Regular Exercise and Bone Mineral Density

Regular Exercise and Bone Mineral Density

Regular Exercise and Bone Strength

Not only can exercise improve your bone health, it can also increase muscle strength,
coordination, and balance, and lead to better overall health. Like muscle, bone is living tissue that
responds to exercise by becoming stronger.
During childhood, adolescence and early adulthood (up to mid-20’s) your skeleton is growing the
most, but once you reach the age of 30, you don't build bone as readily as you used to. Your bone
strength will then start to slip at an average rate of 1% per year after the age of 40.
This is why young people are generally encouraged to do vigorous-intensity activities at least 3
times a week to strengthen muscles and bones. For adults aged 35 and over, a high impact activity
3 times a week or a well-rounded strength training program that focuses on working out all the
major muscle groups can be beneficial in improving your Bone Mass Density (BMD).
Weight-bearing and resistance exercises are the best for your bones.

// High Impact

Higher-impact, weight-bearing exercises force you to work against gravity. Greater density can be
achieved with as little as 12 to 20 minutes of weight-bearing exercise performed three times a
week. Activities such as walking, hiking, jogging, climbing stairs, playing tennis, and dancing, will
have a more pronounced effect on bone strength than lower impact aerobics, but only the bones
that bear the load of the exercise will benefit; for example walking or running protects only the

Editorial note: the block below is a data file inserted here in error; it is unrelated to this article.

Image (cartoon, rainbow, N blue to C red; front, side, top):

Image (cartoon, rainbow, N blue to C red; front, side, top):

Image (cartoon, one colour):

bones in your lower body, including your hips. Increased velocity can also act as a factor in
improving bone density.

// Resistance

Alternatively, a well-rounded strength training program can work out all the major muscle groups
and benefit practically all of your bones. This type of training program can still help to stimulate or
maintain BMD in the weight-bearing bones as the force of muscle pulling against bone is enough to
stimulate bone growth, even if the actual stress placed on the bone is moderate.
Weight training puts stress on the bones and stimulates extra deposits of calcium to kick the bone-
forming cells into action resulting in stronger, denser bones. It is recommended that adults get
1,000 milligrams (mg) of calcium per day and 600 international units (IU) of vitamin D per day,
ideally from food sources.
By enhancing your strength and stability, resistance workouts can also help to reduce the likelihood
of falls, which can lead to fractures.

// High-Risk Individuals

If you are at a high risk of having a fracture or have some broken bones already, this shouldn’t stop
you from keeping active. Regular exercise will help to reduce your risk of falls and fractures,
improve balance, strength and stamina, and reduce pain.
Although you may be fearful of falling, don’t stop moving. If you are not regularly active you’ll slowly
lose your strength and balance, making you more prone to falls and fracture. However, avoid high-
impact exercises that involve jumping and running, and activities that involve bending forwards and
twisting at the waist (touching your toes, sit-ups, golf, tennis, bowling, and some yoga pose).

There are three key characteristics of exercise which have the largest impact on BMD:

The magnitude of muscle strain an exercise exerts. Weightlifting and gymnastics because the
amount of force placed on muscles and bones.
The rate of muscle strain an exercise exerts: This indicates the speed by which repetitive, high-
impact exercises are performed.
The frequency by which muscle strains occurs: Eg. running. The impact on muscles is not only
repetitive but continues for a long period of time.


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